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  • noun

Synonyms for Waldenses

a Christian sect of dissenters that originated in southern France in the late 12th century adopted Calvinist doctrines in the 16th century

References in periodicals archive ?
A la masacre de los waldenses en el Piamonte" Venga, Senor, los muertos que en despojos yacen dispersos en el frio alpino, pues fieles a un mandato tan divino heredaron del padre los hinojos.
The Waldenses received approval from Alexander III in 1179 and the Humiliati were founded in 1178.
The Waldenses were Christians who in the twelfth century renounced wealth in order to live the nomadic lives of itinerant preachers in France and Italy.
Tightly knit communities like the Waldenses, the Unity of Czech Brethren, the Mennonites and the Quakers attacked the official Roman-Catholic perspective on war and violence as a sinful betrayal of Jesus Christ's message of non-resistance and unconditional love.
The Waldenses and similar heretics, some generations ago, did not blush to imitate these worldly and bestial philosophers, alleging that each man has the right shamelessly to copulate with women, like dogs.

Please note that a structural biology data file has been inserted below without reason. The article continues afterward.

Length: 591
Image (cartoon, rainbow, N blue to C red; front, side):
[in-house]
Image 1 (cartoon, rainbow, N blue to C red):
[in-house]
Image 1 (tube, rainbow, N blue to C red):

He notes that, in the examples of Catharism, the Waldenses, and Lollardy, dissident religious thinking, in a preprint era, was disseminated quite successfully and the crucial factor was "state oppression": Luther, he notes, "received political backing and protection" (68).
He sees the spirit of Protestant doctrine passing from Waldenses to Albigenses, from Wycliffe to Hieronymus von Prag and Jan Hus, from Luther in Germany to Zwingli in Zurich, from Oecolampadius in Basel to Capito in Strasburg, ending at Calvin's reformed Church in Geneva.
Bien ecrit, bien organise, enrichi d'illustrations, de cartes geographiques et d'un index fort utiles, Waldenses dewait plaire aussi bien au grand public qu'aux specialistes des grandes heresies medievales.
The Waldenses took their name from a certain Valdesius, a well to do citizen of Lyon, who saw the light and after providing for his family, divested himself of his worldly goods following the advice of Jesus to the rich young man (Matthew 19:21).
Though the Catholic faith was widespread in Europe by the thirteenth century, there were heretical groups such as the Cathars and the Waldenses.
Above a hundred thousand Albigenses in France; many thousands of the Waldenses, there, and in Italy; the like in Germany of the Bohemians .
The Anabaptists, Waldenses, Lollards, and other groups all held similar non-saluting beliefs.
Mn Yellow Back Radio Reed identifies his Vodoun hero with a gnostic idea of the devil and his uprising with that of the Albigenses and Waldenses (YBR 164-65, 151).